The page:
Art as Product

Is your art a product? Answering this goes to the core of why many artists find it difficult to be in business for themselves.


Artists: Charan Sachar


There is a big disconnect for many artists who create work in their studio, to see the fruits of their labor as a “product” instead of a piece of art.

Creating art in and of itself is a valid and commendable activity. Art for art’s sake is wonderful – show it, give it away, hang it on your wall or display it in your home. But once you step across the line and decide to sell your work, you enter the world of commerce. And this can be the difficult part.

When you sell, your art is a product in the eyes of retailers and galleries who carry that work. The simple fact is that if your line or collection doesn’t produce sufficient sales for them, it will be “discontinued” like other products in the marketplace.

This is despite the fact that artists can add value to their work through the use of creative materials and techniques, by sharing their story as part of their brand, and through excellent presentation. Ultimately, the bottom line is that in order to be in the business of selling your work, it has to be sold. It must be marketable – and to do that, you have to know your market.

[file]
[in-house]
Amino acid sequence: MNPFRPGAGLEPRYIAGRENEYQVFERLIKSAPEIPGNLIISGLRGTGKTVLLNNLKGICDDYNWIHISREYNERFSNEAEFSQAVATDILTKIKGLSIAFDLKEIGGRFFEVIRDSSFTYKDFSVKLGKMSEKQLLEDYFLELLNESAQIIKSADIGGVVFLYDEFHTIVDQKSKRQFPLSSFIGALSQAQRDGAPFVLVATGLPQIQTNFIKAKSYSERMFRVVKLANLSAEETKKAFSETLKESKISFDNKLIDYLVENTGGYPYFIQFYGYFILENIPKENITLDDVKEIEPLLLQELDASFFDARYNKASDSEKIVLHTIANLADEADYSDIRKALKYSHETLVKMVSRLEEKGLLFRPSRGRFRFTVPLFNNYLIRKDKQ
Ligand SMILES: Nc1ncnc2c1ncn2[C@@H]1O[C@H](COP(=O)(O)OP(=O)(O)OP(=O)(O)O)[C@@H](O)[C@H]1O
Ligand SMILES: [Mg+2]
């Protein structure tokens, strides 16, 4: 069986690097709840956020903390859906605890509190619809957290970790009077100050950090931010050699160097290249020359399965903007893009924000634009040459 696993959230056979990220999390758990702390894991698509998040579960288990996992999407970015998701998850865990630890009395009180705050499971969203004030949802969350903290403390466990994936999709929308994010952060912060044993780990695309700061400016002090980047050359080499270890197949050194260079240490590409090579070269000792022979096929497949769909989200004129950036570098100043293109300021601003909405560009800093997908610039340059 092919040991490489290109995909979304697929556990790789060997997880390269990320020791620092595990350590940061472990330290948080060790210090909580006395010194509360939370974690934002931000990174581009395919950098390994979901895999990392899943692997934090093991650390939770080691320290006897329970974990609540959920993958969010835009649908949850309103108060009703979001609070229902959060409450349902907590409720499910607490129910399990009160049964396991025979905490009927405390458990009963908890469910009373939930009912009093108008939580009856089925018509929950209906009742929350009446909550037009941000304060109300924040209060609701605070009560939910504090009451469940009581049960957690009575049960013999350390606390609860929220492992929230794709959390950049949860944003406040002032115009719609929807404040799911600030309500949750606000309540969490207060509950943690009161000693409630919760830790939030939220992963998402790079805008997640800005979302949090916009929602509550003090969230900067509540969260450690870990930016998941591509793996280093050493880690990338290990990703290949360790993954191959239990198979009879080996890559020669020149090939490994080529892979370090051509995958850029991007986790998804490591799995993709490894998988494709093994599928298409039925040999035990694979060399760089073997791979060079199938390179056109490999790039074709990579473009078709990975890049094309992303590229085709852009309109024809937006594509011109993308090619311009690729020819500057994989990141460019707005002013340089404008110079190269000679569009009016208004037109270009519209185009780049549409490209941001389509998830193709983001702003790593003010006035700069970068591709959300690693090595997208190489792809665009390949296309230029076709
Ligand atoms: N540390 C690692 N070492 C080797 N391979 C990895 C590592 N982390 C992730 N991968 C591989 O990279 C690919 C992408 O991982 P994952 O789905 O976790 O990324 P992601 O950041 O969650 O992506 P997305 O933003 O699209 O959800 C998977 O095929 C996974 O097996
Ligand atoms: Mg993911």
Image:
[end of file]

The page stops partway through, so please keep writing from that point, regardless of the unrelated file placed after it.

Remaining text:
Apple and Pear


Understanding the potential audience for your work is essential in order to cross the line from making to selling. An artist who licenses their work is a perfect example of a creative professional who must have a clear vision of how their images can work on different manufactured products. In fact, they should be able to present mock-ups of suggested products using their art to inspire manufacturers to share their vision.

Are you comfortable with seeing your own art as a product? Do you know your customer – their needs, values and desires? It can be empowering to artists who want to become successful in their business to realize that part of their job is to plan to sell the work in formats and in markets where they can best make a profit.


Ceramic display courtesy artist Charan Sachar. Licensed art photo courtesy Alex Colombo.

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